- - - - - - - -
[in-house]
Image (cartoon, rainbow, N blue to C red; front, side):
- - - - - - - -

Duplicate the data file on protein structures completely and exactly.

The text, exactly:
[in-house]
Image (cartoon, rainbow, N blue to C red; front, side):